Nature study, at least for me, is one of those things where I tend to live in my head with what I want it to be, but very rarely make it a reality in my homeschool. I am kind of ashamed to admit it, but it is true. I have a tendency to be so focused on the ideal of a thing that sometimes, I have trouble bringing it to earth. Nature study is one of those things. I want to know for sure that my practice is working towards virtue and wisdom. So I keep studying and looking for resources, understanding, and ideas that help me to see not only how to practice, but shows me that the practice connects with the cultivation of wisdom and virtue.
I do realize that at some point I just have to practice even if I do not understand it all and that understanding and being able to explain something is not a necessary thing all the time. I am getting better at accepting this, but it is a process. Nevertheless, my heart jumps for joy when I do find resources that do show me those connections. They are few and far between, but now and then someone shares something with me that does this. I think that is why I love Jenny Rallens blog so much (which is sadly under construction for the next few months). Every practice she shares does that. She reminds me that my pursuit of the ideal is not in vain, and that connecting practice and virtue is more than possible.
Recently, I was made aware of another resource, which I believe fits this category as well. Lynn Seddon’s new Nature Study Curriculum, ‘Exploring Nature with Children: A Complete Year-Long Curriculum.‘ I have not finished working through her complete curriculum since I have only had it for a few months, but from what I have experienced of her and her curriculum, it has brought tremendous relief into our homeschool. I think a big part of it is that I know she has lived this out. She wrote a guest post for me about a year ago about ‘Playing with Watercolors.’ I also follow her posts on her blog Raising Little Shoots, where she regularly posts pictures of her children walking about in England, where they live, exploring nature, discovering new delights, and responding beautifully with skilled paintings and notebook entries. I see the joy on her children’s faces with each one of their discoveries. It is beautiful, but it is also real, as all beautiful things are.
That is the next reason I love this curriculum. She lays out a sound pattern for nature study, so you learn how to do it for yourself. You get a guided mentor for a year and then I think I will be equipped to imitate her pattern in subsequent years with new topics. Not only that, but you can participate at various levels of depth.
Each week there is one topic to be explored, that is fitting for the season. For example in September, one of the lesson’s is the harvest moon, which was a such a fun lesson. Lynn also mentions any supplies you need for the season, so you don’t find yourself starting the lesson and not having what you need. Next, she includes a quality list of children’s books that go along with the topic and the correlating pages from Ann Comstock’s book ‘The Handbook of Nature Study’. Furthermore, she gives a few suggestions in the beginning for how to integrate nature study into daily life. This is an excellent idea since part of what we are aiming for in classical, and Charlotte Mason education is for our children to develop a relationship with what they are learning. The more what we teach is part of our family culture, the stronger the relationship will be that is developing.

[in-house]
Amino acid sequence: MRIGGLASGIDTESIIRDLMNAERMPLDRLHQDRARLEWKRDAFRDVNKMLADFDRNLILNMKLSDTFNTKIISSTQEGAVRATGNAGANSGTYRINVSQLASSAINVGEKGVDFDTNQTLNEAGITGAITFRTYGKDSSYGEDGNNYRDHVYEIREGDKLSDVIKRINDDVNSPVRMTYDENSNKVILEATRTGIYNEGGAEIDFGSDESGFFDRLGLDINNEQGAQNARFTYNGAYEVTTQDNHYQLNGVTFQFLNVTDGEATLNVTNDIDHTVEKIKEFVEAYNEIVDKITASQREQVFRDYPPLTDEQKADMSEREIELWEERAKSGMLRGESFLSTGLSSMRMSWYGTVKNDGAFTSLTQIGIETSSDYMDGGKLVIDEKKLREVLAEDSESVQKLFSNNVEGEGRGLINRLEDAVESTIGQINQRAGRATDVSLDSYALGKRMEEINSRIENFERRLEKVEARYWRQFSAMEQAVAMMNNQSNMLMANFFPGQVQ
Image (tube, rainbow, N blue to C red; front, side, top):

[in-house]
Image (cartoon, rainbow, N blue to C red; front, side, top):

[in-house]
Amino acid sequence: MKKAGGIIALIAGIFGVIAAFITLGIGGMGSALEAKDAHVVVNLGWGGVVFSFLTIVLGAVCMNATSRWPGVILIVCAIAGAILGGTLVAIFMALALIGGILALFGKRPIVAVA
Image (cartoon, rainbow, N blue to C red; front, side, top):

A few of my favorite features of ‘Exploring Nature with Children.‘
* Nature Walk activities that fit the season
* Instruction and things to consider when doing the assigned nature walk
* Safety concern notes, when applicable
* Simple supply lists
* ‘Handbook of Nature Study’ by Ann Comstock references
* Suggested books, poems, and art that harmonize with each nature walk activity
* Optional extension activities
* How to adapt books for mixed ages
* Instruction on how to set up your nature journal
* A list of ideas for more advanced students
* A few great suggestions for making Nature Study part of your family culture
Best of all the year-long curriculum is only $15.00! Plus, until March 6th, 2016, you can receive an additional 25% off by using the code ‘EXPANDINGWISDOM’ at checkout. Crazy, I know. This resource is worth so much more. I definitely recommend checking out this curriculum. Also, so that you know, I did receive this product for free in exchange for my honest opinion. I was not required to give positive feedback. All comments and opinions in this post are authentically my own. Learn more about ‘Exploring Nature with Children’ here.
In closing, I thought I would share a few tips about Nature study that I have learned from others in my pursuit of becoming a better leader for my children as we embark on nature study.
* Give my children space
* Draw their attention to beautiful things as an extension of my delight
* Be ready to answer when they ask, but do not force all my thoughts on my children when they are not asking
* Let them notice patterns on their own
* After the invitation, then the lesson. “facts come after ideas.”
* “Lay up images of things familiar.” CM Vol 1 p.66
If nature study is something that is going well in your homeschool, I would love to hear about what you do. Join the conversation in the comments section below.
Expanding wisdom, extending grace,